Meet and Greet with Sawfish Experts in Everglades City

During the 20th century, the population of smalltooth sawfish in the United States experienced a significant decrease in numbers and range due to overfishing, habitat loss, and limited reproduction. In response, NOAA Fisheries listed the U.S. population of smalltooth sawfish as an endangered species under the Endangered Species Act on April 1, 2003.

At the time of the listing in 2003 scientists knew little about the biology, ecology, and population dynamics of smalltooth sawfish. Over the last 20 years, scientists from multiple agencies, universities, and organizations have collaborated to research the smalltooth sawfish population in the United States. We now know more about their size and age at maturity, the number of young they give birth to, the food they eat, their large- and small-scale movement patterns and habitat use, and their response to a variety of stressors. This research greatly improved our understanding of the species and helped us prioritize the actions needed to reach recovery as quickly as possible.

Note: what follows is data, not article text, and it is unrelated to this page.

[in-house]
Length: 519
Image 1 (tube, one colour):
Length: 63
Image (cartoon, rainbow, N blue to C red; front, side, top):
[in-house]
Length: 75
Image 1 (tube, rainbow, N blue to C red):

To celebrate the progress made over the last 20 years and to share the plight of this endangered species with the public, we invite all to a meet and greet with sawfish experts on March 31, 2023 6-8 pm at the Ivey House in Everglades City, Florida. We’ll air a short sawfish documentary created by John Anderson with Terramar Productions, answer questions about sawfish research and management, and give away some free sawfish swag.

While we have achieved a lot over the last 20 years, there is still work ahead in recovering the population of smalltooth sawfish in the United States. NOAA Fisheries has a Recovery Plan that lists actions necessary to rebuild the population and some actions specifically require help from the public, so come join us and see how you can become involved!

If you catch or see a sawfish, please share the information with scientists by visiting www.SawfishRecovery.org, calling 1-844-4SAWFISH, emailing sawfish@myfwc.com, or using the FWC Reporter App.

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